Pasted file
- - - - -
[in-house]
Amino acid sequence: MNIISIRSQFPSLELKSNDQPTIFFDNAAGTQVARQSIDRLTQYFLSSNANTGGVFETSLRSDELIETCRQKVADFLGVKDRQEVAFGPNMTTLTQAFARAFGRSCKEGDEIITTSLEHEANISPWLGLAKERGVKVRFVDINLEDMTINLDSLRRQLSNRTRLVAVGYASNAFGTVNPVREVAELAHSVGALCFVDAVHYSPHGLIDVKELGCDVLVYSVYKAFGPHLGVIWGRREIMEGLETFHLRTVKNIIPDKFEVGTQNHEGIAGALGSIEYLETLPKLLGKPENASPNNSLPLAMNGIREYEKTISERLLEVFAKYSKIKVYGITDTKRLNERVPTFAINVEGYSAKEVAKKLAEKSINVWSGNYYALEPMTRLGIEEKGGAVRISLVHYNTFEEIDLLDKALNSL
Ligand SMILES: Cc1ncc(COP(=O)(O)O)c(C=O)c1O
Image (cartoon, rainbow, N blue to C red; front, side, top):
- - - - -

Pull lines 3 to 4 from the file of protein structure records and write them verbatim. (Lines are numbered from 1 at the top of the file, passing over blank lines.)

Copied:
Ligand SMILES: Cc1ncc(COP(=O)(O)O)c(C=O)c1O
Image (cartoon, rainbow, N blue to C red; front, side, top):